The specter of global climate change has many farmers in sub-Saharan Africa worried. They rely on rainfall to water their crops, irrigation not being a common practice. With climate change threatening to increase average temperatures and alter rainfall patterns, maize production in the region is expected to drop 22 percent by mid-century.
But climate change won’t affect countries in the same way. According to a new analysis, Tanzania might benefit from unexpected trade opportunities resulting from climate change—if the country enacts policies to take advantage of them.
The study, conducted by researchers at the World Bank, Stanford University, and Purdue University, shows that Tanzania moves out of step with other countries when it comes to climate change’s effects. Climate modeling predicts that in years when its trading partners are experiencing severe droughts and reduced agricultural yields, Tanzania will be only mildly affected. That difference means that Tanzania could increase its grain exports and take advantage of higher prices on the world market. The extra income from those exports could alleviate rural poverty in the country, the study’s authors say.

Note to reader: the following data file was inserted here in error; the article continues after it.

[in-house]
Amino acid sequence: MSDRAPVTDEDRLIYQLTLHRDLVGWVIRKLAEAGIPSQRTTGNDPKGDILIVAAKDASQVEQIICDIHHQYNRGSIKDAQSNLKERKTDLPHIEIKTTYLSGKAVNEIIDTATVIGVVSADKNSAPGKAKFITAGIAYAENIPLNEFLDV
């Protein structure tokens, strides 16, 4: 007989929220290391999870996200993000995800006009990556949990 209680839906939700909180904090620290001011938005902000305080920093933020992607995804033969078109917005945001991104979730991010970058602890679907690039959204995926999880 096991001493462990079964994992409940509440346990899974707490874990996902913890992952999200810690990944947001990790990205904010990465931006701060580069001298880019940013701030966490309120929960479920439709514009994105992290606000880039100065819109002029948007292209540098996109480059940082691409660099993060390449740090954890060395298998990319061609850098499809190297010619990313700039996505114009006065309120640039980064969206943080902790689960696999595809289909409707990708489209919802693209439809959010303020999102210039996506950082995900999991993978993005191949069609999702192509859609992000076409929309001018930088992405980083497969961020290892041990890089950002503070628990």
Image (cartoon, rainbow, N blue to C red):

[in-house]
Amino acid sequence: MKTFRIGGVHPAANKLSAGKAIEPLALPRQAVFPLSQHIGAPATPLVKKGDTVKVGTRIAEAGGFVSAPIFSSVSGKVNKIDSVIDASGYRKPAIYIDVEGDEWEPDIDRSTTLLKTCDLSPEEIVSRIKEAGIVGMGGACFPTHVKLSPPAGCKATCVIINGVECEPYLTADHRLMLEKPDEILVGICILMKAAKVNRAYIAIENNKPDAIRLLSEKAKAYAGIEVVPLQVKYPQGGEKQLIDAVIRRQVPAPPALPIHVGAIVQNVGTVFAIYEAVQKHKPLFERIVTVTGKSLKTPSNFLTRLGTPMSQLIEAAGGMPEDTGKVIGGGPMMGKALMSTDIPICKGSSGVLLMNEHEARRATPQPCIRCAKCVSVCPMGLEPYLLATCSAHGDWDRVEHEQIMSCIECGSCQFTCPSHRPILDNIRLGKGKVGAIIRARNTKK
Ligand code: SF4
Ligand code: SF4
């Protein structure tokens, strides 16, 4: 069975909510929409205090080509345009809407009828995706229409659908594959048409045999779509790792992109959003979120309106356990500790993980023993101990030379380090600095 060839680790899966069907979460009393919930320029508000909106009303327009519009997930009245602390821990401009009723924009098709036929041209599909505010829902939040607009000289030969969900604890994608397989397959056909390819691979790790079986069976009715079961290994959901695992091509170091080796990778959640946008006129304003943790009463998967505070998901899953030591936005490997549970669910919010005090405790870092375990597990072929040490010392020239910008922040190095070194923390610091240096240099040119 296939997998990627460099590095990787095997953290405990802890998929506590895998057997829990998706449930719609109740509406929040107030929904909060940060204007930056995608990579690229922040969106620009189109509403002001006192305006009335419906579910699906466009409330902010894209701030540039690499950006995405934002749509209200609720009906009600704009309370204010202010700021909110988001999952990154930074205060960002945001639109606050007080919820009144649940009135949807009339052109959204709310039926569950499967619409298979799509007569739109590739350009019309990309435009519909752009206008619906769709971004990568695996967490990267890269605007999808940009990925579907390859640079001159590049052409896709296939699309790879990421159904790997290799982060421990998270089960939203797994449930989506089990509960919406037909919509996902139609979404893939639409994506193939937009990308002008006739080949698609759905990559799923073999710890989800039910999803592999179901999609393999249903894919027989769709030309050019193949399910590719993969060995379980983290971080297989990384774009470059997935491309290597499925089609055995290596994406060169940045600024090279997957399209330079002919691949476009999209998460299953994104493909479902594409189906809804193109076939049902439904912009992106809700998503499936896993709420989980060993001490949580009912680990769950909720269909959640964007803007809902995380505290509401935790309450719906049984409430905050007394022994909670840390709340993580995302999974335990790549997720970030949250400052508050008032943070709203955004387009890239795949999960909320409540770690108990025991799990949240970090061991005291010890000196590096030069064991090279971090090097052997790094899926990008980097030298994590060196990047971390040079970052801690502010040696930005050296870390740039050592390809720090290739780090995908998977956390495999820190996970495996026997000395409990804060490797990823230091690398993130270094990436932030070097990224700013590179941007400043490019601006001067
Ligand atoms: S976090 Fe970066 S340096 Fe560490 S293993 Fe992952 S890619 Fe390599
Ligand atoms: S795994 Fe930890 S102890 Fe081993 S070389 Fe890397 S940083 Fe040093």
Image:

In the past, however, Tanzania has not taken advantage of the price spikes brought about when maize supplies shrink around the world. “Just at the time when the world market needs more trade, Tanzania—like many other countries—has a history of putting on export bans,” says coauthor Thomas Hertel, an agricultural economist at Purdue University. “It’s a strategy that doesn’t serve the rural population well, but [the government] hopes it serves to keep down prices in the urban areas.”
To reap the benefits from its unique position, Tanzania will have to participate more actively in the global trading system, Hertel says. Export bans keep grain prices low domestically, which is a popular stance with people in the more politically influential urban areas. But in the long run, fetching higher prices for farmers and boosting their income would benefit the rural areas, where most of the poverty is located.
“There’s good reason to believe that a reasonably efficient and fair trading system is the best way to accommodate the shocks from climate change,” says Channing Arndt, an agricultural economist at the University of Copenhagen. One challenge, though, is that Tanzania needs to improve its estimates of national maize production and surpluses. Without that information, world markets won’t know how to react—and Tanzania won’t be able to reap the benefits of that reaction.
Syud Amer Ahmed, Noah S. Diffenbaugh, Thomas W. Hertel, & William J. Martin, “Agriculture and Trade Opportunities for Tanzania: Past Volatility and Future Climate Change,” Review of Development Economics 16, 2012.